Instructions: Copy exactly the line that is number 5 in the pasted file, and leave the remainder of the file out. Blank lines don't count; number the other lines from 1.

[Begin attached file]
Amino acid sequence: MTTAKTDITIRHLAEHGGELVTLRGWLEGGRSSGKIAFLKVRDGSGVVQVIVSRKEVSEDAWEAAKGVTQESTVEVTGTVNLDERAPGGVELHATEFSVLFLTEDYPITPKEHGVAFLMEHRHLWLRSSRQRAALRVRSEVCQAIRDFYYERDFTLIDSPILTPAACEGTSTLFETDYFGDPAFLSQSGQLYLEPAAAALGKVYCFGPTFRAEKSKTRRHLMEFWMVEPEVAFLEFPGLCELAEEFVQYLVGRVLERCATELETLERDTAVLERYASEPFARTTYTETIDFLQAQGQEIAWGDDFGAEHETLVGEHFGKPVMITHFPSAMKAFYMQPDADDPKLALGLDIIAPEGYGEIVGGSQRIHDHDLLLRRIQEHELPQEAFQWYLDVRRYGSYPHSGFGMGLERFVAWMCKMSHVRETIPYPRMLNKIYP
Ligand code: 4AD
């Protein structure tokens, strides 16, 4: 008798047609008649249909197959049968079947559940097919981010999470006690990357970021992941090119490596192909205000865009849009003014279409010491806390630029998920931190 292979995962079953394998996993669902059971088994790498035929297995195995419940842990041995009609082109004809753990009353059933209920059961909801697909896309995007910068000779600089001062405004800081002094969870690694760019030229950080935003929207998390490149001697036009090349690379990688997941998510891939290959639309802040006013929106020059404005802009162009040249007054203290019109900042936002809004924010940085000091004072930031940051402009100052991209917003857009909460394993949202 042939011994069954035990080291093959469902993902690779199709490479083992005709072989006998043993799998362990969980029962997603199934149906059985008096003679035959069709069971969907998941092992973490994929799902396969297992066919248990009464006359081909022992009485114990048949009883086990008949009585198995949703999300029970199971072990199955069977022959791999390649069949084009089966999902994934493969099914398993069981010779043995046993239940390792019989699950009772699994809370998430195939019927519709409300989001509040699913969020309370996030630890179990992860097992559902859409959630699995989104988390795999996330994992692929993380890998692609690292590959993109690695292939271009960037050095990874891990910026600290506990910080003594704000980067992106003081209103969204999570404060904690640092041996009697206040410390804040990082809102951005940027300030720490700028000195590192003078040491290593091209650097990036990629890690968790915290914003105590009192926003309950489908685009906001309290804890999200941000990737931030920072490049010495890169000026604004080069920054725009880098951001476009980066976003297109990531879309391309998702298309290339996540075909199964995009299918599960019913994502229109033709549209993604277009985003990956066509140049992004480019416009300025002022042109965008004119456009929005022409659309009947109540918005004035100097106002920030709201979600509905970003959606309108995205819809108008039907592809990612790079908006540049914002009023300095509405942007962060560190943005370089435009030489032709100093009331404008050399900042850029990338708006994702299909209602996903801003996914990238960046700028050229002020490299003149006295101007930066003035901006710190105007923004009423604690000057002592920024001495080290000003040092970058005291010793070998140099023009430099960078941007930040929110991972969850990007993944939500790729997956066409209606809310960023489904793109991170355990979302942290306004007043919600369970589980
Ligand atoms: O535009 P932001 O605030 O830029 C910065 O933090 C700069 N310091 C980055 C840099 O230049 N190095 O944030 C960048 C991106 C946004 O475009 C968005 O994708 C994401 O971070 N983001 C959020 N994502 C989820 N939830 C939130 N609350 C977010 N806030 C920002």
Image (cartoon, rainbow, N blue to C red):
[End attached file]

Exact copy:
Image (cartoon, rainbow, N blue to C red):